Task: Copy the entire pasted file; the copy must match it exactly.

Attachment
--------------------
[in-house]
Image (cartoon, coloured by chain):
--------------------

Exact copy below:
[in-house]
Image (cartoon, coloured by chain):